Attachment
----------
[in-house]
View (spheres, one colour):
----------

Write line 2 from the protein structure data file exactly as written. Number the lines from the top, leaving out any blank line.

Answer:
View (spheres, one colour):